In the course of the World War unprecedented opportunities enabled psychiatry to make great strides. The movement for mental hygiene is developing direction, organization, and force. Psychiatrists no longer confine their activities within the walls of institutions for the insane, but are constantly organizing connections with general hospitals, schools, charitable organizations, courts of law, penal institutions, etc.

In the endeavor to keep this Manual abreast of progress and to maintain its usefulness to the student of psychiatry numerous changes and additions have been made in preparing the present edition.

New chapters, sections, or appendices, dealing with the following subjects, have been added: applications of psychology in psychiatry, psychoanalysis, applications of sociology in psychiatry, extramural psychiatry, psychoneuroses, hyperthyroidism, normal course of early mental development, Stanford revision of the Binet-Simon intelligence scale, Kent-Rosanoff association test, standard psychological group tests, and the classification of mental diseases adopted by the American Medico-Psychological Association.

The chapters, sections, or appendices, dealing with the following subjects, have been extensively rewritten: arrests of development, epilepsy, constitutional psychopathic states, chronic alcoholism, cerebro-spinal syphilis, lumbar puncture, and tests of the cerebro-spinal fluid.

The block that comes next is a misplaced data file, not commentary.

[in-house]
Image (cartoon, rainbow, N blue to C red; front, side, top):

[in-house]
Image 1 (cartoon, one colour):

The remaining chapters have also undergone careful revision with resulting numerous minor changes and additions.

The Index has been greatly amplified and, it is believed, rendered more serviceable.

Some of the alterations have been made as a result of criticisms and suggestions offered by reviewers, to whom grateful acknowledgment is hereby made.

In order to introduce all the above mentioned changes and additions it proved necessary to reset the entire book. The aim has, however, been adhered to of avoiding its growth beyond the proportions of a practical manual, convenient for frequent reference. By the use of somewhat smaller type and by making the pages a little larger the increase in thickness has been kept down as far as possible, although, of course, it could not be wholly avoided.

This Manual, as many know, first appeared in English in 1905, as a translation of the French Manuelde Psychiatrie by J. Rogues de Fursac. The special demands of American students have, through successive editions, led to changes and additions eventually affecting even scope and viewpoint. To-day the original French model still constitutes the nucleus around which this Manual has grown; yet it is but the duty of the American editor to acknowledge his full responsibility for its teachings.

It is the earnest hope of the editor and his collaborators that this Manual will continue to meet a growing demand, as, apparently, it has done in the past.

Aaron J. Rosanoff.

Kings Park, Long Island, N. Y. January, 1920.